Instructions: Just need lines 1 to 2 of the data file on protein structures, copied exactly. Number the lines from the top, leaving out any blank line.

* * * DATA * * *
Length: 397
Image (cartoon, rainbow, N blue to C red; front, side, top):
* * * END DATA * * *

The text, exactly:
Length: 397
Image (cartoon, rainbow, N blue to C red; front, side, top):